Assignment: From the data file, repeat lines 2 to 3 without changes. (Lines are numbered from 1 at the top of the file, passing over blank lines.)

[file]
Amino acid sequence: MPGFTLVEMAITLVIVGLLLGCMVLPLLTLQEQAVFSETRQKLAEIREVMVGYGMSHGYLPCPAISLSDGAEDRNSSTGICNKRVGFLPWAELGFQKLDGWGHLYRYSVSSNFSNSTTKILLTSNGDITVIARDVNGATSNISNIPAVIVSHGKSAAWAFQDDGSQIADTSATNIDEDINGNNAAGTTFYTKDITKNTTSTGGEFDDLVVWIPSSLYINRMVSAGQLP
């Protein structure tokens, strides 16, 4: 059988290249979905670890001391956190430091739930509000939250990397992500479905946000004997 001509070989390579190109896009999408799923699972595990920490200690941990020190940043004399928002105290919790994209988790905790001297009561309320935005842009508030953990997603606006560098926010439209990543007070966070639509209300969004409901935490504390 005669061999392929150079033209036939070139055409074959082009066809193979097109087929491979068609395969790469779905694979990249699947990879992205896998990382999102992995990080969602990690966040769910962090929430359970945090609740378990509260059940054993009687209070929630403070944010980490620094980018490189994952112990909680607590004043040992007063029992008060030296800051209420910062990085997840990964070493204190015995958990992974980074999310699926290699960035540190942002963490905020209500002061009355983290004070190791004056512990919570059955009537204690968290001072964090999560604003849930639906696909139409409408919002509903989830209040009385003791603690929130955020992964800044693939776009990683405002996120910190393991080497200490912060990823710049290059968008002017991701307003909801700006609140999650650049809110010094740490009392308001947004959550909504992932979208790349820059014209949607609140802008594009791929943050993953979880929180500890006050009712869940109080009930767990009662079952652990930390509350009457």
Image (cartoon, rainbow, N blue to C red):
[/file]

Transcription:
């Protein structure tokens, strides 16, 4: 059988290249979905670890001391956190430091739930509000939250990397992500479905946000004997 001509070989390579190109896009999408799923699972595990920490200690941990020190940043004399928002105290919790994209988790905790001297009561309320935005842009508030953990997603606006560098926010439209990543007070966070639509209300969004409901935490504390 005669061999392929150079033209036939070139055409074959082009066809193979097109087929491979068609395969790469779905694979990249699947990879992205896998990382999102992995990080969602990690966040769910962090929430359970945090609740378990509260059940054993009687209070929630403070944010980490620094980018490189994952112990909680607590004043040992007063029992008060030296800051209420910062990085997840990964070493204190015995958990992974980074999310699926290699960035540190942002963490905020209500002061009355983290004070190791004056512990919570059955009537204690968290001072964090999560604003849930639906696909139409409408919002509903989830209040009385003791603690929130955020992964800044693939776009990683405002996120910190393991080497200490912060990823710049290059968008002017991701307003909801700006609140999650650049809110010094740490009392308001947004959550909504992932979208790349820059014209949607609140802008594009791929943050993953979880929180500890006050009712869940109080009930767990009662079952652990930390509350009457």
Image (cartoon, rainbow, N blue to C red):